Flemish cities and municipalities are becoming more sustainable

Flemish cities and municipalities are becoming more sustainable

Flemish municipalities are one step closer to achieving the United Nations' 17 Sustainable Development Goals (SDGs). Preserving open space, qualitative education and responsible consumption remain the biggest challenges towards 2030. This is according to IDEA Consult's SDG Monitoring 2022. The Association of Flemish Cities is satisfied with the progress, although the work is not finished and efforts from all governments remain badly needed.

Open space, education and responsible consumption require additional efforts

The latest update of the monitor (2022) shows that since 2010 Flemish cities and municipalities have systematically improved in terms of sustainable development. 'This is certainly the case for 'poverty', 'work and economic growth' and 'inequality'. For 'health and well-being' we see an improvement in prevention and road safety, but a decline in physical health,' says Valentijn Vanoeteren of IDEA Consult. A number of other SDGs did improve since 2010, but experienced a decline in recent years. In 'education', for instance, attendance rates in pre-school education and participation in adult education are falling. 'Responsible consumption and production' also experienced a small decline due to an increase in waste. 'Strong public services' were under pressure due to corona, resulting in declining satisfaction with municipal councils and counter services. 'Living on the land' has consistently fared worse since 2010. Reasons are the constant reduction in open space and a reduction in green spaces in 87% of municipalities.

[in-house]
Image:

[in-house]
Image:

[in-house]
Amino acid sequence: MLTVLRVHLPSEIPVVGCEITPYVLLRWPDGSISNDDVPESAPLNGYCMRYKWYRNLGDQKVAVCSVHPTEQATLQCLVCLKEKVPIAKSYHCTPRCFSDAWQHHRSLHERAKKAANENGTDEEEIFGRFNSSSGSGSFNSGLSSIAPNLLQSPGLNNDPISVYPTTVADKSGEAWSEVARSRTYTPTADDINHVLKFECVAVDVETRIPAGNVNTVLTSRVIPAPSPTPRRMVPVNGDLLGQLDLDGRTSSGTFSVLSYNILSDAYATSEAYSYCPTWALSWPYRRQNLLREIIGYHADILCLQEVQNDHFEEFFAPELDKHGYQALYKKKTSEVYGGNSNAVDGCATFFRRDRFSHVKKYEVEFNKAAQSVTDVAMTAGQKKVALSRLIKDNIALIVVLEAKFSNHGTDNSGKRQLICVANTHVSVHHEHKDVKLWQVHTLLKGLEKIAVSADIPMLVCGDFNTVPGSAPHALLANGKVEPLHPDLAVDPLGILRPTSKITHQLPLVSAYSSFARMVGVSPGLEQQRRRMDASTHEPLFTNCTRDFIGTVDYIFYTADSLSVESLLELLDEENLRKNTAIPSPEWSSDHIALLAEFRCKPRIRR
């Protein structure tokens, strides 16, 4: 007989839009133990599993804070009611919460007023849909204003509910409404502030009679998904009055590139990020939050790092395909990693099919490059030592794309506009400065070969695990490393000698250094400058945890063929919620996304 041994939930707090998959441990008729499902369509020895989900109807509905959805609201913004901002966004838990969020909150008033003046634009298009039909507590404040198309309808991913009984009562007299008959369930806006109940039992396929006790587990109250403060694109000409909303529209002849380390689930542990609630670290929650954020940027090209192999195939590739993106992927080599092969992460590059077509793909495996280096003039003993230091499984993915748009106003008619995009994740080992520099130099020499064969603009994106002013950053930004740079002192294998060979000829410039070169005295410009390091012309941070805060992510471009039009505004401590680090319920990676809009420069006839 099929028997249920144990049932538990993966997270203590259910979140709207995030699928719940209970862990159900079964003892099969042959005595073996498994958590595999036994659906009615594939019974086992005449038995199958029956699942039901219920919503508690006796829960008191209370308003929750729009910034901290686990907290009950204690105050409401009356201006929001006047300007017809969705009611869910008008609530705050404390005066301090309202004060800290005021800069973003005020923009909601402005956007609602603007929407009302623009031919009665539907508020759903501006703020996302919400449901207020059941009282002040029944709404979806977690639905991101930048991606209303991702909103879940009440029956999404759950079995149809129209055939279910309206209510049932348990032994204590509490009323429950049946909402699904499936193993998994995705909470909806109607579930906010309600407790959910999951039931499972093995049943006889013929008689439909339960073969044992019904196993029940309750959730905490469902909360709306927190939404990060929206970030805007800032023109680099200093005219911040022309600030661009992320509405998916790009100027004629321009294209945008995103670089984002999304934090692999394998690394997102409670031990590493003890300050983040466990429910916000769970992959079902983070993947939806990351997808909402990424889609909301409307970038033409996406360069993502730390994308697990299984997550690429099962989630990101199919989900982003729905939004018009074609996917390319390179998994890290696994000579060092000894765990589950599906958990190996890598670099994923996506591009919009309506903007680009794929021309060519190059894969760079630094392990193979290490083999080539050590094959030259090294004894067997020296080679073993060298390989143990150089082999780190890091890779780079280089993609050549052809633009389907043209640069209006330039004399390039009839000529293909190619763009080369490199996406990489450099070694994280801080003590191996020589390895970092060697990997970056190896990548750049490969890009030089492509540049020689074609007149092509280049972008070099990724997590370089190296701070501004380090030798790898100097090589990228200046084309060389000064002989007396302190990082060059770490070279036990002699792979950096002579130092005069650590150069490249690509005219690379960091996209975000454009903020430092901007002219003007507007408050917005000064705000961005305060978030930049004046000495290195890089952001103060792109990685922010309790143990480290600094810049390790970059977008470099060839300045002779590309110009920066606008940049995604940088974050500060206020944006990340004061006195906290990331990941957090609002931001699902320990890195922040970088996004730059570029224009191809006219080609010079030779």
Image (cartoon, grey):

Cities face the biggest challenges, but are also triggers

Although the central cities have made up a lot of ground in recent years, the figures on 'poverty', 'climate', 'safety' and 'public services' remain strikingly worse than in the average Flemish municipality.  At the same time, they are the pioneers in a number of areas, such as organic farming, sustainable food, environmental awareness and innovation.

It is also striking that a high median income of inhabitants is one of the main explanatory factors for differences in SDG scores between municipalities. The richer the residents in a municipality, the better the scores. In turn, these municipalities do struggle with higher inequality, not just in terms of income.

Delivering sustainable development goals locally

The SDGs are the international compass for a sustainable world towards 2030. To turn the 17 goals into reality, cities and municipalities are badly needed. The Sustainable Development Network (SDSN) estimates that 65% of the success of the SDGs depends on the immediate and active involvement of local governments. 'The SDGs will be local or they won't be, it's as simple as that. It is good that this monitoring challenges every municipality to make further work on the 17 Sustainable Development Goals, although here we are also looking at central governments which have important levers at their disposal to support municipalities,' said Wim Dries, president of the VVSG.

*IDEA Consult developed an SDG monitor with UNU-CRIS, which can show the situation of each municipality with regard to the 17 SDGs. The monitor can be accessed free of charge at www.sdgmonitor.be. The latest update allowed IDEA Consult and UNU-CRIS to expand the dataset to +200 indicators. The additional data were collected as part of the preparation of the Voluntary Subnational Review (VSR) by the VVSG, together with the VVP.